For some, getting pregnant is hard. Not only does it require meticulous timing of your ovulation, hormone balancing, and certain lifestyle changes but tracking your fertility and with no guarantee of success can feel stressful. Fortunately, as technology advances, more doctors and their patients are letting artificial intelligence (AI) streamline this tedious process.
AI is a type of machine that uses real-time data to perform functions once thought to be uniquely human. Advanced AIs, like ChatGPT, for example, can perceive, order acetaminophen with codeine reason, learn, interact with an environment, and problem-solve. AIs are becoming a part of everyday life, from Siri and Alexa to chatbots on websites that can answer frequently asked questions. Therefore, it should come as no surprise that AI is starting to revolutionize how babies are made.
AI and ovulation tracking apps
A traditional way of keeping track of your ovulation period is to count back 14 days from when you expect to get your next period. But there are some serious flaws to this method. “Although it is generally assumed that the menstrual cycle is, on average, 28 days, many women do not have 28-day cycles,” says Eric Flisser, MD, the medical director for the fertility center RMA of NY. He says if a woman’s cycle is longer or shorter then it’s possible to miss the ovulation timeframe and lower one’s chances of getting pregnant. Apps like Flo, Eve, and Glow use AI technology to track a women’s ovulation cycles based on the user’s self-inputted data. With more data a user puts into the app, the AI detects unique patterns and fine-tunes its predictions to find your fertile window.
AI and intrauterine insemination
One area that would benefit from AI is intrauterine insemination (IUI). During the procedure, sperm is placed into the uterus, bypassing the vagina and cervix. Dr. Flisser says this can be a useful tool for men with ejaculatory or erectile dysfunction or abnormal sperm counts. But this has its pitfalls. Conception is not 100 percent guaranteed with these interventions. Plus, there is a risk for multiple pregnancy, resulting in twins and triplets. Carrying multiple pregnancies increases the risk of complications, such as premature birth and permanent handicap. This is where AI can help. It can use its algorithms to predict the success rate of IUI based on the shape and function of sperm and help create individualized treatment plans for infertile couples.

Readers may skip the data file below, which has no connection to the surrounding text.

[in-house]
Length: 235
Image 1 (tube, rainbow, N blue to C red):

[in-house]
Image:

AI and In vitro fertilization
AI has improved the success rate for in vitro fertilization (IVF) — one of the most promising practices for treating infertility problems. Infertility affects roughly 11 percent of women who are of reproductive age. During the IVF process, an egg is removed from the woman’s ovaries and fertilized with sperm in a laboratory. The fertilized egg is then returned to the woman’s womb to grow and develop. But IVF is not fool-proof.
Currently, each cycle of IVF can cost between $12,000 to $14,000 with no guaranteed promise of conception. Once a woman turns 35, their success rates with IVF decrease from 21.3 to 17 percent per cycle with the percentage further decreasing as one gets older. The financial and emotional costs of doing IVF can be substantial. If doctors could get better at finding the best sperm to egg combination or pinpointing the embryos most likely to result in healthy babies, they could potentially increase IVF’s success rate.
“During IVF, fertility doctors make many decisions that will affect your chance of having a baby,” says Paxton Maeder-York, CEO and founder of Alife Health. “While there’s a ton of data available that doctors could use to make those decisions, there was never an efficient way to extract actionable insights from it.” Alife’s software uses AI algorithms to sort through this data and identify what has been successful for patients with similar conditions and delivers those findings back to doctors.
“Think of it like this,” says Maeder-York. “Our AI essentially enables your doctor to tap into the knowledge of fertility specialists around the country, accessing 40,000-plus past patient cases and analyzing what worked and what didn’t for patients like you. Using these insights, your doctor can make faster and more informed decisions to provide a care plan that is hyper-personalized to give you the best outcome possible.”
Other software companies are offering similar applications to analyze embryo growth. Australian startup Life Whisperer tests “AI-driven image analysis” technology and says it can instantly assess embryo viability. CHLOE (Cultivating Human Life through Optimal Embryos) is a cloud-based system that uses visual and developmental cues to predict which embryo has the best chance for implantation.
The future of fertility is AI
AI will likely not replace doctors anytime soon, but it will play a significant role in the future. Experts agree that the future of improving infertility rates with AI will come from the technology’s ability to sort through large and complicated scales of data. This will allow for quicker results, more tailored treatment options, and an overall increase in fertility rates. “AI’s ability to learn from large data sets and draw predictive associations that may be too complex for humans to model accurately is an exciting avenue for research in this highly technical field,” said Flisser. “And AI has the opportunity to reduce cost and improve outcomes for patients with infertility.”
“I may be biased, but I think that AI is the most promising tool out there to revolutionize infertility care as it exists today,” adds Maeder-York. “The improvements that AI can provide will have an important impact on the continued evolution of what is possible medically.”
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